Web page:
Chicken mesh is a versatile and flexible material that is used for a variety of purposes in the UK.
PVC chicken wire mesh is used to create enclosures for chickens, ducks, and other small animals, as well as to protect gardens and crops from animals such as rabbits and deer. It can also be used to support climbing plants and to create decorative fencing.
The green colour of the PVC coating allows the mesh to blend in with its surroundings, making it a popular choice for garden and landscaping applications. Additionally, the plastic coating helps to prevent the wire from scratching or otherwise damaging surfaces.
But how is it made? Is it right for your project? How do you dispose of it when you are done?
This article aims to answer these questions and many more….
How Is Green Chicken Mesh Made?
Green PVC chicken wire mesh is made by taking a length of galvanized steel wire and running it through a coating process. The wire is first cleaned and then coated with a layer of green PVC (polyvinyl chloride) plastic.
The coating process usually involves heating the wire and then immersing it in a tank of liquid PVC. The liquid PVC adheres to the wire, creating a smooth and uniform coating. The coated wire is then passed through an oven to cure the plastic coating, which ensures that it is durable and long-lasting.
Once the PVC coating is cured, the wire can be woven into the characteristic hexagonal mesh pattern of chicken wire. The finished product is then rolled up into large spools for easy storage and transportation.
What Size Mesh For Chicken Run?
The size of the mesh for a chicken run depends on several factors, including the size and type of the birds you are housing, the location of the run, and the potential predators in the area. Generally, the mesh size for a chicken run should be small enough to prevent predators from entering, while still allowing for adequate ventilation and sunlight.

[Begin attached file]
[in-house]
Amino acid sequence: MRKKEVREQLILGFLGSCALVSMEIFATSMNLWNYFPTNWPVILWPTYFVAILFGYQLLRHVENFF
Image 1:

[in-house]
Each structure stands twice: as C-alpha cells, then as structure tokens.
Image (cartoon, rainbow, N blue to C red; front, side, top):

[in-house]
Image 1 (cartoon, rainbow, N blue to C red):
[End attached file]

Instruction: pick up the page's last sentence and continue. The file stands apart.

For standard-sized chickens, a mesh size of 1 inch (2.54 cm) is usually recommended. This size is large enough to allow for good air circulation and visibility, but small enough to keep out most predators, such as raccoons and foxes. For bantam chickens or smaller birds, a smaller mesh size of 1/2 inch (1.27 cm) may be necessary to prevent predators from entering.
In addition to the size of the mesh, it’s important to ensure that the wire is strong enough to withstand potential damage from predators, such as chewing or scratching. A wire gauge of at least 19 or 20 is recommended for chicken runs, as this is sturdy enough to provide protection and durability.
For more information on building as chicken coop then check out the useful article that our team recently produced: how to build a chicken coop. This is an essential deep dive into the subject, and it will probably answer all the questions that you may have.
What Options Are Available?